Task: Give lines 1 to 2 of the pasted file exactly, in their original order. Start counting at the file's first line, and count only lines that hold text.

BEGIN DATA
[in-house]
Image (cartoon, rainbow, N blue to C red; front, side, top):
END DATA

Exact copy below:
[in-house]
Image (cartoon, rainbow, N blue to C red; front, side, top):